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the progress of the Norman arms. In the same year Gruffudd ap Cynan returned from Ireland, where he had taken refuge, and concluded a truce with Earl Hugh of Chester. The valuable life of Gruffudd, printed in the Myvyrian Archaiology, has a difficult passage upon this period of its hero's career. "Having sent emissaries (cennadeu) to Earl Hugh, a truce was concluded between them, and there was given to him three trevs in that cantref. And there he dwelt for a year in disheartening poverty." The name of the cantref in which these possessions were situate does not appear, but the general tenor of circumstances makes it highly probable that it was cantref Tegeingl, or Englefield. Previously to this peace, Gruffudd had taken to wife Angharad, said, by Welsh genealogists, to be the daughter of Owain ab Edwin, lord of Tegeingl, and head of one of the Fifteen Tribes of North Wales. He probably lived at the place called Llys Edwin, in the parish of Northop, but that he had patrimonial property in the parish of Caerwys may, after the analogous construction of many Welsh place-names, be considered certain, from the fact that one of the townships of the parish of Caerwys is known as Trev Edwin. How a personage with so Northumbrian a name became the chief of a Welsh district, I will not stay to speculate. Nor will I do more than advert to the difficulties caused by the confusion which undoubtedly exists between Edwin, King of Tegeingl, and Ednowain Bendew, Prince of Tegeingl, from one or other of whom many Flintshire families trace their descent. It probably is a case of one single gentleman rolled out into two."
It may, however, be pretty safely conjectured that
"Oddyna ydd anfones cennadeu hyt at yr Iarl Hu, ac i tangnefeddws ac ef, ac yn y cantref hwnnw i rhoddet teir tref iddaw ef yno. Ac yno i dwg ei fuchedd flwyddynedd yn dlawt ofidus gan obeithiaw wrth weledigaeth Duw rhagllaw."
2 Mr. H. F. J. Vaughan, in Y Cymmrodor, vol. x, has made an exhaustive critical examination of the early Welsh pedigrees, to which I would refer you for further information upon this difficult point.
Angharad brought considerable property in the district of Tegeingl into the family of the North Wales princes, and from this time dates its close connection with the fortunes of the line of Gruffudd ab Cynan. Within a few yards of the bounds of the parish of Caerwys stands the house of Maesmynan, said-and no doubt correctly—to be one of the llysoedd, or halls, of Llywelyn ab Gruffydd, the last Prince of North Wales. Caerwys, in the language of feudalism, was his caput baroniæ, the head of his Flintshire barony; but the application of that term, which belongs to one form of society, to an outwardly similar feature of a society based upon diametrically opposite conceptions, would, of course, be misleading and unscientific.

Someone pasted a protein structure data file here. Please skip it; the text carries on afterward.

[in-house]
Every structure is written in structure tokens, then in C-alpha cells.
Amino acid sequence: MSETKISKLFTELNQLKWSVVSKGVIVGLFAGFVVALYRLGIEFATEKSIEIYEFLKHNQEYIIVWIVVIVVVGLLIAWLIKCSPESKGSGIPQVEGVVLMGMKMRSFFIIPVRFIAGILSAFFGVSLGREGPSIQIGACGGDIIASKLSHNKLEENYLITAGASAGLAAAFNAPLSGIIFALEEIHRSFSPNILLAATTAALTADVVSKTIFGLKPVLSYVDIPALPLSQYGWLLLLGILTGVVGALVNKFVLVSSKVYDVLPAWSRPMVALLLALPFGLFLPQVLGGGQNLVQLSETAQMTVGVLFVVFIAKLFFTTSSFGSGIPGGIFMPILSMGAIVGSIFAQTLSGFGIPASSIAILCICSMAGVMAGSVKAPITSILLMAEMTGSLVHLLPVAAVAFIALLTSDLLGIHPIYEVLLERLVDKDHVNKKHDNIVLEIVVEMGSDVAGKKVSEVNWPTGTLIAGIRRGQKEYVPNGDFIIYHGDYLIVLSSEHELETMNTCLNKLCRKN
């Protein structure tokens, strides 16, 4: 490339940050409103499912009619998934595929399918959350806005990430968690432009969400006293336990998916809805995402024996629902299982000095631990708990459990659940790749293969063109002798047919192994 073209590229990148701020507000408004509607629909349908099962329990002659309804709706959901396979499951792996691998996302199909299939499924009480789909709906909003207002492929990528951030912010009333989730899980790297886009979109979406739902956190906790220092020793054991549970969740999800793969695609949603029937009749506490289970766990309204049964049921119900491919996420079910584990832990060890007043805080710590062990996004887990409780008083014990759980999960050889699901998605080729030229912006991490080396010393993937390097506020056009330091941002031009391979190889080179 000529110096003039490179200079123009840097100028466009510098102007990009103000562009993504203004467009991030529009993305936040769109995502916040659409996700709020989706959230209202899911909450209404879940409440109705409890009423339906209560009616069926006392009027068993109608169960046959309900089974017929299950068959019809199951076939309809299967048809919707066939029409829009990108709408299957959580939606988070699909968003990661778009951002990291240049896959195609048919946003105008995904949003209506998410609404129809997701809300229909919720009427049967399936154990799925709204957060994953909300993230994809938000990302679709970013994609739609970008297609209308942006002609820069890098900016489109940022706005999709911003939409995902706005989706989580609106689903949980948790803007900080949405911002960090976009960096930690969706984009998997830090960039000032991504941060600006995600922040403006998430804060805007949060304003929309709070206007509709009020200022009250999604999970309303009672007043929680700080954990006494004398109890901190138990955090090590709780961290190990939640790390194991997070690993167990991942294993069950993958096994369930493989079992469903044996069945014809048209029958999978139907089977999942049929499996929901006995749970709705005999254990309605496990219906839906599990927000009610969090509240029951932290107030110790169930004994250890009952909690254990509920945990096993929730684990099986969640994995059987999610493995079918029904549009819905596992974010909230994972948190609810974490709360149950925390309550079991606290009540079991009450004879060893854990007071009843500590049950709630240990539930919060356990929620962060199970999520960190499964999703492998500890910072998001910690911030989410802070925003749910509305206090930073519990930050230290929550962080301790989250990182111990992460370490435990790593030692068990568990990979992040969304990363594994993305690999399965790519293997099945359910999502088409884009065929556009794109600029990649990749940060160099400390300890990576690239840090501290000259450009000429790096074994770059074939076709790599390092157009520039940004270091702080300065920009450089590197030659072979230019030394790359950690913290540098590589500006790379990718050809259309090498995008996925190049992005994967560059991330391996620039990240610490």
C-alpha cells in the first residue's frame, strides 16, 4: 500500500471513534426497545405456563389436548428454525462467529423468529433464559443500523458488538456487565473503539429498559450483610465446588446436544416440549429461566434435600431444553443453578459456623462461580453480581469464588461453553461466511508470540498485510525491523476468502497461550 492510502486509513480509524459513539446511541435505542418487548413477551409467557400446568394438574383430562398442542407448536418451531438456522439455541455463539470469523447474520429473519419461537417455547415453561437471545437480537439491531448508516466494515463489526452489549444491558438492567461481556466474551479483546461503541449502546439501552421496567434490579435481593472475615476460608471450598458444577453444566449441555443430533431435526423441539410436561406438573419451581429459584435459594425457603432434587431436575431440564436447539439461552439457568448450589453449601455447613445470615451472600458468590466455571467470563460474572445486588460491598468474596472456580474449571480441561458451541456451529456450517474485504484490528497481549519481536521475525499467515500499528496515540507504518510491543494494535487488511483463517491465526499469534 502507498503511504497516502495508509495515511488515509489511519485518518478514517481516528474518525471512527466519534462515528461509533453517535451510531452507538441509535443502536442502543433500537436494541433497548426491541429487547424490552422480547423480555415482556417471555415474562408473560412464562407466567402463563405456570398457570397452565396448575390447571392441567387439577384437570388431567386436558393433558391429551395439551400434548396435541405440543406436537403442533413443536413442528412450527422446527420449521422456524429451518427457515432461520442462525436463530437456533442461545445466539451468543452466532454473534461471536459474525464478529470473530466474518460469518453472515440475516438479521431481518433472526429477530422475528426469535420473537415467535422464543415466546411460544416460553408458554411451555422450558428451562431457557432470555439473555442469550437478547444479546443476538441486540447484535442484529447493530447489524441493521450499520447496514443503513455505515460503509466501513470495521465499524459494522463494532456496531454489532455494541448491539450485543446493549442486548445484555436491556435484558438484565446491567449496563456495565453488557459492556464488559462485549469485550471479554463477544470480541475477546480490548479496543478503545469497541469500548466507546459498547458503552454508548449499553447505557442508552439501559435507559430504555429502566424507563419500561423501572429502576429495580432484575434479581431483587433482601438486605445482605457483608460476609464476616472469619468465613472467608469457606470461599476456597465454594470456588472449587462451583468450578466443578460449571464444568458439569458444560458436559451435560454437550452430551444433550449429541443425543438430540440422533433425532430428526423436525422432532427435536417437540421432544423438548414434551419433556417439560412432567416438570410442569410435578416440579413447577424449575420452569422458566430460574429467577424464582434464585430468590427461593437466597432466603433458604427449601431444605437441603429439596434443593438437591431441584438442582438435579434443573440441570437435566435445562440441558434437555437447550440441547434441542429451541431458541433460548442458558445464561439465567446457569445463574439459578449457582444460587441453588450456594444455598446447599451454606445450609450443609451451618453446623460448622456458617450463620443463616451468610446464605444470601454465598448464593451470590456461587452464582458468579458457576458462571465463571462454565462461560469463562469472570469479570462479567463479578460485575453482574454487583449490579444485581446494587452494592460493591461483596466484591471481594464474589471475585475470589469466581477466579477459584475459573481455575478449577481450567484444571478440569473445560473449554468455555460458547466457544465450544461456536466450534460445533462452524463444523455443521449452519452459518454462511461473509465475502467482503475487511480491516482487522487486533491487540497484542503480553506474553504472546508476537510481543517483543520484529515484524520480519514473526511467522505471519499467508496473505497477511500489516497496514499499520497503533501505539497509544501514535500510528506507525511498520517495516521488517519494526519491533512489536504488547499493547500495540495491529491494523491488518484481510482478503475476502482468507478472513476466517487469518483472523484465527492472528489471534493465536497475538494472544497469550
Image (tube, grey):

In A.D. 1137, upon the death of Gruffudd ap Cynan, and the advance to the front of his son Owain, the district of Tegeingl became still more closely united to the fortunes of the North Welsh princes. Owain is said to have married Christian, a daughter of Gronw ap Owain ap Edwin, and this alliance may probably be regarded as marking an increase in his Flintshire landed possessions. His successful resistance to Henry II in 1157, and again in 1165, and the capture and destruction of the castles of Basingwerk, Rhuddlan, and Prestatyn (Mold had been taken in 1144, and had probably not been rebuilt), extended the confines of Gwynedd farther to the east than they had reached since the days of Offa. How the Welsh princes dealt with the districts that came spasmodically into their power is a difficult question to answer. Did Owain look upon his newly conquered territory in Cantrev Tegeingl as his, to dispose of according to his pleasure, as the Conqueror had regarded England after Senlac? Probably not; for we have no evidence, direct or indirect, whereby we can infer the expulsion of Norman settlers, the importation of Welsh tribesmen, or even of a change of tenure.1 Yet that Owain had con
1 It will be seen that upon this point I differ from Mr. A. N. Palmer, at any rate so far as his arguments for the eastward extension
siderably extended the possessions which he held by descent is proved by a document now in the Record Office, the gist of which is as follows, though how he had obtained his new lands, whether by conquest or marriage, is unfortunately not specified.